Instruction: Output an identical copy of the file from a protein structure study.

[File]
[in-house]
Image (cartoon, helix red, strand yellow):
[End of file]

[in-house]
Image (cartoon, helix red, strand yellow):